When we first arrived in Dublin, we used to browse through tourist shops a lot. Learning what the tourism industry sees as the country’s unique selling points, is a good way of getting your bearings in a foreign country.

Being Dutch, we hardly ever bought anything, but we did fall in love with Ireland instantly. Not because of those posters with rolling green hills, that give the impression you can bump into Gandalf the Grey here at any given moment.

Gandalf the Grey

No – we fell in love with Ireland because of the country’s attention to its traditional crafts. Where Dutch tourist shops are stacked with plastic windmills made in China, Irish tourist shops reserve the prime spots for hand knit Aran scarves, woodworked gardening instruments, or relish from Ballymaloe.

As we spent more time in Ireland, we learned the love for traditional crafts isn’t confined to tourist shops either. At the Electric Picnic music festival last year, we were surprised to find woodcutting workshops, embroidery classes and slow food sit-ins – a welcome change to dancing to loud rock music amidst a lager-fuelled crowd of hipsters.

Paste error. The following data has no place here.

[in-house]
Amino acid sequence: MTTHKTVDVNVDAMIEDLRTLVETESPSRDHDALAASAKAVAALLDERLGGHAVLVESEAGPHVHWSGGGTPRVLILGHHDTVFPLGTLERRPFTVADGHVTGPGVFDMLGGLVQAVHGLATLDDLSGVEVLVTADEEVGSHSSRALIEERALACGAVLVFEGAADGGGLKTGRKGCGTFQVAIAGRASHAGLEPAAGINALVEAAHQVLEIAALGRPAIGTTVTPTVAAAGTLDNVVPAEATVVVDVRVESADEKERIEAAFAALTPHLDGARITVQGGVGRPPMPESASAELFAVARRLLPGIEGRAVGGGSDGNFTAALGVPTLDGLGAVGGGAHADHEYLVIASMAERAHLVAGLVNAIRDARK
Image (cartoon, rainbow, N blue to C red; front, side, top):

And now, the traditional crafts are coming to Dublin, with ‘Bloom in the Park’; a festival that brings the best of Irish horticulture and food.

This Friday, we were at Bloom in the Park’s opening photo shoot. Ceramist Colm de Rís, garden designer Jane McCorkell, broadcaster Ella McSweeney, and Bord Bia show manager Gary Graham were riding matte green Dutch bicycles, with crates overflowing with food and flowers.

broadcaster Ella McSweeney and elves in the Phoenix Park

Little girls were dancing around them, dressed like elves – their high laughs accompanying the rustle of the leaves in Phoenix Park’s ancient trees. In a blur, the bicycles seemed to transform to horses, and the little girls seemed to float around them, arms waving and wings flapping.